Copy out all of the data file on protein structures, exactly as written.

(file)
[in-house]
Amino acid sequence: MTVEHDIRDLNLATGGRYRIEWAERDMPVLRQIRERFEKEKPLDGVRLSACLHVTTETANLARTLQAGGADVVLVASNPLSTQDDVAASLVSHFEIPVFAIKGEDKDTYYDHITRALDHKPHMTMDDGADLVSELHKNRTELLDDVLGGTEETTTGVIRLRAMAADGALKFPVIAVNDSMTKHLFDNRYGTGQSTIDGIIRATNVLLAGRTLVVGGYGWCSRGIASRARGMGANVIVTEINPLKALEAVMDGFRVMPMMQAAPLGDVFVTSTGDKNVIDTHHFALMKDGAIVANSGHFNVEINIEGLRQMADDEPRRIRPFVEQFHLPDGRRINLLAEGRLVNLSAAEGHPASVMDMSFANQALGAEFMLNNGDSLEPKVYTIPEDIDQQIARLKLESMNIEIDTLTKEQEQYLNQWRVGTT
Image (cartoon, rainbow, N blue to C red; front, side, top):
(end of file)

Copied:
[in-house]
Amino acid sequence: MTVEHDIRDLNLATGGRYRIEWAERDMPVLRQIRERFEKEKPLDGVRLSACLHVTTETANLARTLQAGGADVVLVASNPLSTQDDVAASLVSHFEIPVFAIKGEDKDTYYDHITRALDHKPHMTMDDGADLVSELHKNRTELLDDVLGGTEETTTGVIRLRAMAADGALKFPVIAVNDSMTKHLFDNRYGTGQSTIDGIIRATNVLLAGRTLVVGGYGWCSRGIASRARGMGANVIVTEINPLKALEAVMDGFRVMPMMQAAPLGDVFVTSTGDKNVIDTHHFALMKDGAIVANSGHFNVEINIEGLRQMADDEPRRIRPFVEQFHLPDGRRINLLAEGRLVNLSAAEGHPASVMDMSFANQALGAEFMLNNGDSLEPKVYTIPEDIDQQIARLKLESMNIEIDTLTKEQEQYLNQWRVGTT
Image (cartoon, rainbow, N blue to C red; front, side, top):